Pandemic Drives Unexpected Discoveries
Rachel James, a Portland Adventist Academy senior, has been playing saxophone since fifth grade. Although quitting music this school year would have saved her time and energy to work on her senior project, she knew she would regret that.
“Playing in band adds meaning to my life,” says James. “It’s like I’m a part of a team. Plus, I’m developing bonds with people I might not otherwise hang out with.”
As PAA students have only been able to do distance-learning, James attends virtual lessons and group rehearsals on Zoom videoconferencing. She tunes her saxophone with an app on her smartphone and practices alone in her room. She even plays her saxophone while wearing a mask for limited in-person instruction (LIPI). Once she feels confident and has worked through some fears, she uses her smartphone to record a video of herself playing her part. Then she sends it off to her teacher, John Carter, PAA music department chairman.
“The Christmas concert is entirely prerecorded and virtual,” says Carter. “I’ll be editing together as many as 50 different videos and audio to create a composite video.” When PAA resumes on-campus learning, Carter hopes to incorporate many pandemic discoveries into new teaching practices.
In the case of PAA’s performing arts groups, these discoveries are timeless.
1) Fear and Faith
A PAA student who can sing alone and confidently into a camera is a student who has worked hard to overcome fear. Getting comfortable with fear builds faith. This is a skill anyone can carry with them beyond the pandemic.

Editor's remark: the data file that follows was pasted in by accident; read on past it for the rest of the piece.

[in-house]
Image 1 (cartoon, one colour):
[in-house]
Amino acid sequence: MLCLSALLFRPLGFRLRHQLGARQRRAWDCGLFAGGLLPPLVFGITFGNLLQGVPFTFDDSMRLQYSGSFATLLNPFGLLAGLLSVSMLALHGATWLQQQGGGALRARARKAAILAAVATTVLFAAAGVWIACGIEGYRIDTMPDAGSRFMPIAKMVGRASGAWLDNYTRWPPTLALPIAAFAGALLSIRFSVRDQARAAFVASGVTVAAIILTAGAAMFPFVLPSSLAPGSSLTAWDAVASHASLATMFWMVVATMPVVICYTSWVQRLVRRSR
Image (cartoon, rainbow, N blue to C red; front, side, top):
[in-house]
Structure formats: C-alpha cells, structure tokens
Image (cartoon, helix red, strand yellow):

2) Firsts and Forevers
Students are making PAA history because these are remarkable times. “I’m thinking of our Christmas concert as a time capsule,” says Carter.
3) Feelings and Friendships
While the pandemic has made scars on this generation's social and emotional health, people who find and take moments to be together are deepening their connections.
While the coronavirus causes unspeakable pain, it has also forced innovation and self-discovery. And, in the case of art and music, it has forced rediscovery.
“Music and art remind us that we are part of something bigger than our own individual lives,” says Carter. “To not try to do that during the pandemic is to give up. It is to take away a critical part of humanity, when so much of our humanity has already been taken. And this is hard. But we are still here. And, as our song reminds us, ‘all is well ... angels and men rejoice, for tonight darkness fell ... all is well.'"